mid-range
> > Cyclone V), pretty cheap and pretty cool. > > But this is a ready-made FPGA development kit and one of the essential > aspects of my projects is to create a working system from scratch, > including custom board design and hand soldering by the advanced > hobbyists. I don't want it to be pure Arduino-style software massaging.
I have no idea why you'd call it Arduino-style, but never mind, to each his requirement.
> > That said, I am seeing a lot of people around here rather > > talking of Xilinx, but I have no experience with those. > > Because Xilinx and Altera are the elite in this business. They have > just forgotten about the hobbyists and charge them the same way as their > industrial clients, despite the fact the hobby projects generate > zero income.
I don't see how you'd say that either, ~250 bucks for a development and prototyping board, plus indeed an industry level mind-set (not everything is so polished in fact, but that's another story) seems pretty cool to me. Anyway, I do come from the industry... Thanks for the feedback and good luck, Julio
On Sat, 14 Apr 2018 17:06:37 +0200, Piotr Wyderski wrote:

> I need an FPGA chip with about 100 GPIO pins and capable of hosting a > CPU with an existing Linux port, mainly to run a web server. I would > like to connect it to a 16-bit DRAM, so there should exist a memory > controller with this feature, either a hard macro or a soft IP core. > There should also be a fast ethernet MAC. Nothing fancy, but: > > 1. This is for a small non-profit project, so the IP cores must be free. > Paying O(500) bucks for a Nios/MicroBlaze license is out of the > question. Ditto about the MAC. As far as I know, neither Xiling nor > Altera have a free/very cheap licensing option for non-profit > applications, so the most obvious way is a no-go. Are there any > *reasonable* open CPU/MAC/memory controller cores to use instead? > $1000 per year is extremely cheap for commercial purposes, but > a showstopper for hobby applications, where you can buy a bucket > of STM32-class chips. > > 2. The chip must be hand-solderable and introduce no thermal strain > problems. This excludes the BGA/chip scale packages and leaves only > the QFP variants on the table. I don't care about the superior > signal integrity benefits of the leadless packages, 50MHz is more > than needed. But this requirement kills Zynq/Cyclone V, otherwise > a perfect choice for this application. The PCB must be manufacturable > in a cheap PCB shop and they can often do at most 4 layers. > > 3. The FPGA must be SRAM-based. > > 4. I don't want the SOM modules. > > The older Spartan 3Es (3S500E) or equivalent Cyclone 3 in PQFP208 > would have been aa good choice here, but I seem to be blocked by > the licenseing issues. I'd gladly stick to these platforms, but > could you please recommend me any robust open-source IP cores > which fit inside this class of FPGAs? > > Best regards, Piotr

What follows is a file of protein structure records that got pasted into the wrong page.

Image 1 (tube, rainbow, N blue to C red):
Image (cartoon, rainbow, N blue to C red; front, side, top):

100 GPIO + CPU + Ethernet + DRAM + Linux in non-BGA? Not likely I have not done an exhaustive search in a while but 144pin XC6SLX9 will give you 102 IO pins. You can get a Altera EP1C12Q240C7N in a QFP-240 with 173 IO. If this is a learning tool to program a FPGA I can see the need but I scoped out FPGA vs a SOM or Raspberrry PI Compute module and the latter always won. Even in quanity I cannot compete price wise with a SOM or Rpi CM. A XC6SLX9 will run you 16 bucks from Digi-Key and the EP1C12Q240C7N is $48. I dont think you will have enough resources in the FPGA to do a soft cpu, dram controller and ethernet block plus some gpio pins. You can buy a CM3 for $30. You will be hard pressed to make a board, get the FPGA, config memory, DRAM, Phy, etc for 30 bucks unless you are thinking mega quanity. No way you are gonna hand solder enough boards to get in that range. Granted you will have to have a carrier board/socket for the CM3 or SOM so that adds to the $30 cost. A uC with maybe a SPI or I2C port expander would give you more horse power and still be hand solderable. -- Chisolm Republic of Texas
Julio Di Egidio wrote:

> I have no idea why you'd call it Arduino-style, but never mind, to each > his requirement.
By "Arduino-style" I mean buying a ready-made board and mixing existing code snippets without deeper understanding of the physical aspect of the device or even of the problem domain. I want to show how hard is to make such a board, solving all the problems on the way, and that it is finally doable. Anybody can buy any kit without understanding of the effort put into its creation and claim to be a hacker. My goal is to provide much deeper understanding of its *construction*, not *use*. IMHO one should be allowed to buy such a kit only after succesful completion of a DYI board. I mean, the kits are for professionals, because they offer significant development time (and money) saving.